Catholic Social Teaching = Bad Economics

I am a Catholic. I’m also an economic conservative. Apparently this makes me a bad Catholic. At least that is the impression I get from an opinion piece that appeared in today’s Albuquerque Journal by Allen Sanchez of the New Mexico Conference of Catholic Bishops.

The basic point Sanchez makes in his article, “Don’t Balance Budget on Backs of the Poor,” is that we should not cut spending AT ALL to close the $433 million budget deficit we now face. Instead, we need to repeal the 2003 income tax hikes, raise corporate taxes, and close other “tax loopholes.” In other words, your typical left-wing claptrap. This view is not only inconsistent, it is a prescription for economic stagnation.

First and foremost, most government spending is not for the benefit of the poor. The RailRunner, Spaceport, and film subsidies are just three major wasteful projects that, if they benefit anyone, benefit the wealthy to a far greater extent than they do the poor. Where was the Catholic Church questioning this wasteful spending?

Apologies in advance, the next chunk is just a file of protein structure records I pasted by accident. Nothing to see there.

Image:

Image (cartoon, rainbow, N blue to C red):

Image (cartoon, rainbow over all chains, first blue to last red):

Also, there are other cuts that can be made that will not hurt the poor, but will help them. As I wrote in this recent opinion piece, certain Medicaid reforms can remove wealthy recipients who don’t need it from the system. Other reforms to the same system will actually empower the poor rather than keeping them trapped in a well-intentioned albeit misguided Medicaid system.

The fact is that there are still cuts to be made in New Mexico’s budget. On the other hand, many of the programs supposedly designed to benefit the poor actually do more harm than good. Lastly, while Sanchez fails to acknowledge this fact, making it more difficult to do business in New Mexico through higher taxes will inevitably harm the poor by cutting off job opportunities and stifling economic growth.